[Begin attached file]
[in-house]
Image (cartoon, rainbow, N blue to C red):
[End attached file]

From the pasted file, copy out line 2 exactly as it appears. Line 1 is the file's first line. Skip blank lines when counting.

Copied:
Image (cartoon, rainbow, N blue to C red):